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Terms can be used for various conditions of many sports or events.

A golfer, tennis serve or batter could be referred to being "in the groove"

A "hot hand" could be a dealer or person rolling dice.

It could be any sport when a player "gets on a roll"

Typically, any term is nothing more than recognition of an event when situations are above or below a standard.

Club Rat

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I have problems comparing basketball to golf. In basketball, the dimensions of a men's NCAA court are 94' long and 50' wide. The rims are 10' above the court, and the free throw and foul lines all in equal locations.

In golf, a par 5 can be 517 yards long, or 606 yards. It an have one bunker and cross water twice, or be dry with eight bunkers.

Likewise, golf courses are quite different from one another, plus you have a variety of turf grasses. Let's say a player has more success putting on bentgrass rather than bermuda, He may have a statistical history of sinking more putts on bent. The comfort zone and the past memory of success helps the golfer relax more and "not get in his own way."

Approaching it from another way, consider Johnny Miller's definition of choking (I'm paraphrsing): Choking is failing to succeed in an athletic move because you vary your normal routine when under pressure. Conversely, if you feel comfort in a certain setting, it makes for smoother, more focused movement.

I would say the hot hand in golf results from drifting in and out of precision.

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I have problems comparing basketball to golf. In basketball, the dimensions of a men's NCAA court are 94' long and 50' wide. The rims are 10' above the court, and the free throw and foul lines all in equal locations.

In golf, a par 5 can be 517 yards long, or 606 yards. It an have one bunker and cross water twice, or be dry with eight bunkers.

Likewise, golf courses are quite different from one another, plus you have a variety of turf grasses. Let's say a player has more success putting on bentgrass rather than bermuda, He may have a statistical history of sinking more putts on bent. The comfort zone and the past memory of success helps the golfer relax more and "not get in his own way."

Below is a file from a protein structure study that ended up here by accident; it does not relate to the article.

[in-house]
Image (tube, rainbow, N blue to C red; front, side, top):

Approaching it from another way, consider Johnny Miller's definition of choking (I'm paraphrsing): Choking is failing to succeed in an athletic move because you vary your normal routine when under pressure. Conversely, if you feel comfort in a certain setting, it makes for smoother, more focused movement.

I would say the hot hand in golf results from drifting in and out of precision.


Good post. If hot = luck, then sustained success is far removed from it IMO. Luck in golf seems to have been limited to a good bounce or the hole occasionally getting in the way of a flying putt. Lightening may strike twice every now and then.. but that's it.

I don't care how unexplainable you might feel it could be, if you are sustained 'hot' then you are undoubtedly playing a physically different game resulting from many different possible triggers including but not limited to @WUTiger

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Of course you can "get hot" at a sport. For some reason your brain and body are very matched up some days and other days you feel off. I think the statisticians are viewing it as a probabilities based scenario where you would actually place odds on someone making a shot. For example, just because you've made five 3 pointers in a row, doesn't mean you are 100% likely to make the next 3 pointer. But there are certainly days where you are more likely to make a shot compared to other days you are shooting the same shot. That is evidenced by the fact that you are making a lot of shots. Making vs. missing is inherently not "luck" based. You have to make the shot. It's not like a gust of wind will swoop into the arena and guide your ball into the hoop. Just like bowling. If I feel "on" and I get a turkey, it does not mean statistically that I am more likely to throw a strike right there in the 4th frame. But it certainly means I am more likely to shoot higher scores that night than a night where I feel off.